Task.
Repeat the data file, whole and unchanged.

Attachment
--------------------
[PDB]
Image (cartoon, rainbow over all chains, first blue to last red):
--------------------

[PDB]
Image (cartoon, rainbow over all chains, first blue to last red):